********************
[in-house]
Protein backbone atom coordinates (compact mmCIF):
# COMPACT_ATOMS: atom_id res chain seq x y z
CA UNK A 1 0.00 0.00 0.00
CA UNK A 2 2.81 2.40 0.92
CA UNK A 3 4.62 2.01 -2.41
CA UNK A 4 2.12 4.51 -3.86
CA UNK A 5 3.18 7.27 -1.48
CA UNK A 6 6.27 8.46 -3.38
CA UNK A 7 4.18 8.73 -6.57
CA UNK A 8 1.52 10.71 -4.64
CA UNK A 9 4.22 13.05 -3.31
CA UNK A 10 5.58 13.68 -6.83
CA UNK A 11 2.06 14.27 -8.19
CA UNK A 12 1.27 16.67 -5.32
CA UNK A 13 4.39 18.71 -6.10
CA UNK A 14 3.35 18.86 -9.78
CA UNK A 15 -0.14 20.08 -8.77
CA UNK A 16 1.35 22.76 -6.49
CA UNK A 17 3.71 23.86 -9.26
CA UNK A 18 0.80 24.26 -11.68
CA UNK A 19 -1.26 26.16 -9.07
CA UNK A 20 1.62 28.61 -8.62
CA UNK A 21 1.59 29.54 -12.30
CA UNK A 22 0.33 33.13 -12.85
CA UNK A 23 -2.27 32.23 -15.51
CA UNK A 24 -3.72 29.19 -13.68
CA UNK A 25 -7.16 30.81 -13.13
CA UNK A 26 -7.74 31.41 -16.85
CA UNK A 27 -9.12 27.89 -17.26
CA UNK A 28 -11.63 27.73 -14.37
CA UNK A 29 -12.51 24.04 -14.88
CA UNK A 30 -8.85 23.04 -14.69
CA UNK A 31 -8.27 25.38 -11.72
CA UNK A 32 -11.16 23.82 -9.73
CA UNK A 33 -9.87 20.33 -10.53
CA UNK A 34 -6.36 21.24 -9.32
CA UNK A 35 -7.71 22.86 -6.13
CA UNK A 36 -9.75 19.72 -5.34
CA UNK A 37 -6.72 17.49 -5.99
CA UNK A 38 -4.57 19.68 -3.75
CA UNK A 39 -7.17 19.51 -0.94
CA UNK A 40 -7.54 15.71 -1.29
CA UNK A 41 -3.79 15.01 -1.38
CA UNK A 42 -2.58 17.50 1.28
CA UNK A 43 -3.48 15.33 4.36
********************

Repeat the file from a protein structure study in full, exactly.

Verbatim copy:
[in-house]
Protein backbone atom coordinates (compact mmCIF):
# COMPACT_ATOMS: atom_id res chain seq x y z
CA UNK A 1 0.00 0.00 0.00
CA UNK A 2 2.81 2.40 0.92
CA UNK A 3 4.62 2.01 -2.41
CA UNK A 4 2.12 4.51 -3.86
CA UNK A 5 3.18 7.27 -1.48
CA UNK A 6 6.27 8.46 -3.38
CA UNK A 7 4.18 8.73 -6.57
CA UNK A 8 1.52 10.71 -4.64
CA UNK A 9 4.22 13.05 -3.31
CA UNK A 10 5.58 13.68 -6.83
CA UNK A 11 2.06 14.27 -8.19
CA UNK A 12 1.27 16.67 -5.32
CA UNK A 13 4.39 18.71 -6.10
CA UNK A 14 3.35 18.86 -9.78
CA UNK A 15 -0.14 20.08 -8.77
CA UNK A 16 1.35 22.76 -6.49
CA UNK A 17 3.71 23.86 -9.26
CA UNK A 18 0.80 24.26 -11.68
CA UNK A 19 -1.26 26.16 -9.07
CA UNK A 20 1.62 28.61 -8.62
CA UNK A 21 1.59 29.54 -12.30
CA UNK A 22 0.33 33.13 -12.85
CA UNK A 23 -2.27 32.23 -15.51
CA UNK A 24 -3.72 29.19 -13.68
CA UNK A 25 -7.16 30.81 -13.13
CA UNK A 26 -7.74 31.41 -16.85
CA UNK A 27 -9.12 27.89 -17.26
CA UNK A 28 -11.63 27.73 -14.37
CA UNK A 29 -12.51 24.04 -14.88
CA UNK A 30 -8.85 23.04 -14.69
CA UNK A 31 -8.27 25.38 -11.72
CA UNK A 32 -11.16 23.82 -9.73
CA UNK A 33 -9.87 20.33 -10.53
CA UNK A 34 -6.36 21.24 -9.32
CA UNK A 35 -7.71 22.86 -6.13
CA UNK A 36 -9.75 19.72 -5.34
CA UNK A 37 -6.72 17.49 -5.99
CA UNK A 38 -4.57 19.68 -3.75
CA UNK A 39 -7.17 19.51 -0.94
CA UNK A 40 -7.54 15.71 -1.29
CA UNK A 41 -3.79 15.01 -1.38
CA UNK A 42 -2.58 17.50 1.28
CA UNK A 43 -3.48 15.33 4.36